Hake, Cathy Marie. 2006. Letter Perfect.
Ruth Caldwell, a clumsy tomboy, travels west to ultimately find love and danger in California, 1859. Grieving the loss of her mother, Ruth travels west alone to meet the father she never knew. Unfortunately, her father has died. Fortunately, her father's partner Josh McCain, Sr. and Josh McCain, Jr., offer her their home. There is also a sister. Laney, Elaine Louise, McCain. Ruth becomes best friends with Laney, and though Josh at first finds her more than a little frustrating to be around, he soon becomes smitten. But in this "Wild West" setting, little is as it appears. And danger may be closer than they'd ever think.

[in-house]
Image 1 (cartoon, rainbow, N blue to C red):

This week has been an odd week at best, full of many discouragements and bouts of plain disillusionment. So if you're Cathy Marie Hake, and you happen to be reading this, keep that in mind. I was mostly puzzled by Letter Perfect. Greatly puzzled if I'm honest. It's not that the writing is bad. It's not. It's just confusing in a few small ways that end up all in one big mess by the end. The book begins with Ruth Caldwell being introduced as a tomboyish miss who is clumsy both physically and socially. She's always making a mess of things. Always getting in and out of trouble. Just a real handful. You never know what to expect. That is how this character is set up. And it's true for the first chapter. We see Ruth Caldwell out of her element at a ladies' school...a charm school. She ends up making a calamity at a dinner and getting thrown out of school for being unladylike. But once she's out of that environment, that label doesn't really fit anymore. Yet Ruth refers this way about herself over and over and over again. Which I suppose I can see as possible. Certainly we as humans have a way of seeing what we think are our flaws and magnifying them above and beyond what an outside observer would note. So I'm not being over critical there. Not necessarily. But this one thing kept working with a larger theme: I never knew quite what to expect next. This story wasn't predictable at all...not remotely. You might think that was a good thing. It might even be a good thing to another reader. But I wanted to know where I was going. I knew it was a romance. I knew it was set in California. But everything else was like a thousand different plots being juggled in the air and randomly caught and pieced together. First there was a big deal made about the pony express. Then there was a great deal of focus spent on the transcontinental railroad. Then there was a chapter or two where I thought the author was leading the reader in the direction of a Native-American (Indian) versus whites/government/soldier. There was some talk of Indians attacking forts and settlements. Some talk of how unsafe it was to travel. How Indians would murder you. And whatnot. And there were a few chapters were there was a big emphasis on slavery and Abe Lincoln and how the North and South couldn't continue on in peace...that something was brewing. (The book is set in 1859). And then there were bits and pieces about a women's suffrage movement. All those plot elements thrown in and jumbled together. They'd talk about a thing for a chapter or two and then either not mention it again for the rest of the book, OR they'd wait five or ten chapters to bring it back up. Regardless, all of these little indicators were adding up to false advertisement.